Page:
So thx nxxt timx you think you arx not important rxmxmbxr my old typxwritxr. You arx a kxy playxr. (Adapted from Communications Briefings, 1989)

Team Confidence Anecdotes

I am sharing a confidence story sent to me by one of my volunteer student athletic trainers who worked for me for three years. I told him that I was writing this book and this was his response……… “So, about your project………One thing that you can certainly include is how by someone giving you confidence and letting you believe that you can achieve anything, that this is enough to succeed. A great example of this is what you did to me. You gave me confidence in my abilities to be the team trainer and take care of injuries with the girls when not many people believed, when I first started especially, that I could be a contributor to any team. On days that I would say to myself that I would not be able to achieve a particular task that you had requested from me, I would stop and think that you would not ask me to do it if you didn’t believe that I could do it in the first place. That alone gave me the energy to not just do what you had asked me to do but I would try to go beyond the call of duty as well. Thanks coach and I hope I never let you down.”


One of my co-captains, Angelia Crealock in 2001 made Team Necklaces for each member of the team. She also gave me one as a souvenir. The necklaces were made of white, yellow and black beads. Attached to each necklace was the following explanation written on a card:

“12 white beads=12 members of the team

yellow beads=desire

black beads=courage

This necklace symbolizes the unity of the 12 members.

Wear the necklace to show that you believe, we as a team, can win a National Championship. To do this we must all demonstrate the desire and the courage that the beads represent.”

This is an example of a player taking ownership of the team and showing leadership to provide good team confidence. This was one more step to improved team confidence for this 2001 championship team. The team members were deeply touched and each player wore the necklace everyday, including me. I made sure that the players saw my necklace as I wore it so it could be easily seen most days. That team won the 2001 Atlantic University championship in fine style and went onto the National Championship where the team finished sixth.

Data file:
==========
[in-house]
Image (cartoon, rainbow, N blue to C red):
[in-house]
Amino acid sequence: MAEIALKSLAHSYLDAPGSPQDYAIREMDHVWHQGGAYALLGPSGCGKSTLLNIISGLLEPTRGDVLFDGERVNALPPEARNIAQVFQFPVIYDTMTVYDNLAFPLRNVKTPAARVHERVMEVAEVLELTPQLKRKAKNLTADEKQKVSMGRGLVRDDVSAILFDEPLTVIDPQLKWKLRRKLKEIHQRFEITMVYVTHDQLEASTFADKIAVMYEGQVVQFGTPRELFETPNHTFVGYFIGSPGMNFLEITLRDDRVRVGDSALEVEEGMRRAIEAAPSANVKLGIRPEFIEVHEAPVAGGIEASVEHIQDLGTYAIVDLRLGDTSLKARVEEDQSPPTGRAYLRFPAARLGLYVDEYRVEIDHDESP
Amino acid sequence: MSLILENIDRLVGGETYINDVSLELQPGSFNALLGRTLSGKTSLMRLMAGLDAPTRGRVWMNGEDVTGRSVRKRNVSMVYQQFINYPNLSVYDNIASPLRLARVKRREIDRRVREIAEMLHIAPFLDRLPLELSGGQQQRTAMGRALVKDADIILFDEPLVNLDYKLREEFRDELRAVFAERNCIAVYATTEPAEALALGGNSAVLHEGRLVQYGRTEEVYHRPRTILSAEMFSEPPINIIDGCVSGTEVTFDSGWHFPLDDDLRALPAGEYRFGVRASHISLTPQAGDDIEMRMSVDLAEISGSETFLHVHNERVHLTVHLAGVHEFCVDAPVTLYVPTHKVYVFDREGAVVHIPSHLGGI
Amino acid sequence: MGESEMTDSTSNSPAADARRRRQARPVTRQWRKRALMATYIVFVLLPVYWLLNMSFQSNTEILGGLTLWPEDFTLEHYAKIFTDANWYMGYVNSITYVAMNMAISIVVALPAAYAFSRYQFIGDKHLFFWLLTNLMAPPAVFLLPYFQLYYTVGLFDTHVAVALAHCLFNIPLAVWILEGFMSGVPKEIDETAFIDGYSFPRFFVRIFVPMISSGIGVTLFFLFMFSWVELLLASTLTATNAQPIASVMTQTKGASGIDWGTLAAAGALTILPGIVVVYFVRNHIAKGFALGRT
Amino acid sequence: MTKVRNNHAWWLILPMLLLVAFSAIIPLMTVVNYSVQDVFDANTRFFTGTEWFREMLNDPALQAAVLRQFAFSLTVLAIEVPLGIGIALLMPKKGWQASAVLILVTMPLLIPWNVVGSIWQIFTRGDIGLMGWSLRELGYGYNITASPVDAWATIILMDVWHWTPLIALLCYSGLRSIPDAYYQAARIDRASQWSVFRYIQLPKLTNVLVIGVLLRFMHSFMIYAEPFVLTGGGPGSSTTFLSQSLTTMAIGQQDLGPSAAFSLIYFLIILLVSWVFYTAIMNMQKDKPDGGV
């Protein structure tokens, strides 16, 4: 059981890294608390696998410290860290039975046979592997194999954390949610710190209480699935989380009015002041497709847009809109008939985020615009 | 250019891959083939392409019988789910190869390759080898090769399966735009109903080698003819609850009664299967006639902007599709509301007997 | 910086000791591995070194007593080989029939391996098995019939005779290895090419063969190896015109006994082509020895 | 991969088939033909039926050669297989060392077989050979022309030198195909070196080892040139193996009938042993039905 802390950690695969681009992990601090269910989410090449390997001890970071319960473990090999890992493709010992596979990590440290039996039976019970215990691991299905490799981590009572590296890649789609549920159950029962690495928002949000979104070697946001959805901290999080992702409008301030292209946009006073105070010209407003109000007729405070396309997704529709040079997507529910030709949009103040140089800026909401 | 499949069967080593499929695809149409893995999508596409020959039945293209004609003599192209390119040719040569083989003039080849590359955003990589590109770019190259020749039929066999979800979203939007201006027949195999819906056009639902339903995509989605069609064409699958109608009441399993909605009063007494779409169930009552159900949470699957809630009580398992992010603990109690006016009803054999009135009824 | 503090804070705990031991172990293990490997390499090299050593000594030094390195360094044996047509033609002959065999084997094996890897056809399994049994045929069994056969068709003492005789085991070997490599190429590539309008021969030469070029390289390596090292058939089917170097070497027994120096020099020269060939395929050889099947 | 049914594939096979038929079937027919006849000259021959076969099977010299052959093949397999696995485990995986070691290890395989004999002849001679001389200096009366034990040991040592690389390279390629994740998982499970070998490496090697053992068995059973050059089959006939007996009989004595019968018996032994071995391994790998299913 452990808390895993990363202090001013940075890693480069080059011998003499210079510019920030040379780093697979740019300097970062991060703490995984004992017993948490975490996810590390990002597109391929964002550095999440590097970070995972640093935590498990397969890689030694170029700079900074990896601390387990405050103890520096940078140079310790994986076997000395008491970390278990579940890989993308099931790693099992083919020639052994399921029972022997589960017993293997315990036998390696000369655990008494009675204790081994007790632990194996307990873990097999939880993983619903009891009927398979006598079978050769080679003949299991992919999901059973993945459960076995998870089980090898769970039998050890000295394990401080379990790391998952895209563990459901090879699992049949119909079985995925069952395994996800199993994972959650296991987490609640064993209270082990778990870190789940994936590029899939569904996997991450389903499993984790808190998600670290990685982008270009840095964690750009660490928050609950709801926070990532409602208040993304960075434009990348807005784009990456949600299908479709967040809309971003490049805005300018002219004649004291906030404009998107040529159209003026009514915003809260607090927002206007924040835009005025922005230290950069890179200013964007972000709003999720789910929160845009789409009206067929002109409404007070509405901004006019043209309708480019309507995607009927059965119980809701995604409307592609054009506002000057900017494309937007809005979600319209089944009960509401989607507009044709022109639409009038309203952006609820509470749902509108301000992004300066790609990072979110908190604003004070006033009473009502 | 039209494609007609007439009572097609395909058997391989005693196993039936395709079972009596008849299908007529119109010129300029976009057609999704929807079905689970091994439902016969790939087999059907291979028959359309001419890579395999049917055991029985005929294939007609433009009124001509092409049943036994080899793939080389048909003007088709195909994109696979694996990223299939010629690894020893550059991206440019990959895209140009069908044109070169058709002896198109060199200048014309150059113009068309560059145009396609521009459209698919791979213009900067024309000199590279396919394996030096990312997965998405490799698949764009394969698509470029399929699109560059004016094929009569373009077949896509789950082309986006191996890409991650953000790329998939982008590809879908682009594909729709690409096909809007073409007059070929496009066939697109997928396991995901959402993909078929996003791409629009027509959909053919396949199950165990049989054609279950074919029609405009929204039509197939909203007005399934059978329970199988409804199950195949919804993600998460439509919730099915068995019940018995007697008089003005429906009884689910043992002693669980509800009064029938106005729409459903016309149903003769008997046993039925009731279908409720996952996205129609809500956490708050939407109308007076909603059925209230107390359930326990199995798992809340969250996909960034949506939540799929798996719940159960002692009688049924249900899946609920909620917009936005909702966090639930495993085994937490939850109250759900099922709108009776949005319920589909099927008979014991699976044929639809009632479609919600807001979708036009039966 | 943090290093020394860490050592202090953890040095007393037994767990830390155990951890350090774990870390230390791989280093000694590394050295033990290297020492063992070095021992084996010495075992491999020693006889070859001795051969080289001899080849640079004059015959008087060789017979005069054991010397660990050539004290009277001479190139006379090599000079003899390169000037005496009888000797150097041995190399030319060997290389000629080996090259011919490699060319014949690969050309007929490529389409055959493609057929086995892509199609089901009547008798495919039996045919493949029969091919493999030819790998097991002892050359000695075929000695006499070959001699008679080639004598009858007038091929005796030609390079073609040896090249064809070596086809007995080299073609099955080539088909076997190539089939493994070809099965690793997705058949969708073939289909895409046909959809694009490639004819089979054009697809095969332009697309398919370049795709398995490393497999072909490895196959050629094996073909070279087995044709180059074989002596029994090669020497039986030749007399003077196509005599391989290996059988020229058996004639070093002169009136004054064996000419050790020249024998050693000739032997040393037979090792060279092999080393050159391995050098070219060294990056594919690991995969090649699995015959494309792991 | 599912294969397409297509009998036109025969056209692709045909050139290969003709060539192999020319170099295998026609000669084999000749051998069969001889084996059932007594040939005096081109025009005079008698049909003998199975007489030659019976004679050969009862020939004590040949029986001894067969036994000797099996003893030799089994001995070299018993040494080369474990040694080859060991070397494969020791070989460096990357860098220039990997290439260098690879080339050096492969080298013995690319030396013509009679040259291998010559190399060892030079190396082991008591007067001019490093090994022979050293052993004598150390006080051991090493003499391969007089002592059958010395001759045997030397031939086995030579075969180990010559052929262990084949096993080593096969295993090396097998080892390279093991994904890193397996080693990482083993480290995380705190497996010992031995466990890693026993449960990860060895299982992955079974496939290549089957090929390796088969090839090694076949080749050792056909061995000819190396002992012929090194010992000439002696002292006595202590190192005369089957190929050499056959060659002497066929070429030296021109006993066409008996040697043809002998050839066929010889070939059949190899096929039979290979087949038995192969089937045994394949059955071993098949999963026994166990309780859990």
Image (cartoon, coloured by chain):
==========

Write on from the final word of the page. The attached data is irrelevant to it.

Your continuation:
Be careful what you say………it might come true

In 1978 which was my first season as coach at Dalhousie University, the women’s basketball team lost in the final by 27 points. The players had their heads hung after such a beating. I walked behind the bench and as they sat feeling dejected and said to them, “In two years the score will be reversed so keep working.” We continued to work toward becoming a championship team. In 1980 we won the Atlantic Women’s Basketball Championship by 27 points. And it was against the same team who beat us by 27 points in 1978. I quickly pointed out to our team during the celebration that I had said two years ago that this would happen. Most of them did not even remember it. However, I did and maybe it was important for me to say so that I would believe in the future of the team.

You might say that it was luck! I disagree. I believe it was planting the seed with these players so they would believe in themselves and following up by doing the necessary daily work to win the championship. This team also finished second in the Canadian University Basketball Championship that season.

Interestingly, in 1999 my Dalhousie University women’s basketball team lost in the semi-final game by 30 points to the same team we lost to by 27 in 1978 final game. After that loss I spoke to the team and said, “In two years the tables will be turned. The score will be in our favour.” In the 2001 semi-final game we beat the same team by 28 points and my basketball team went on to win the 2001 Atlantic University Basketball Championship. Is that luck again? I think not. It is showing belief in your team and doing the work to help them win the championship.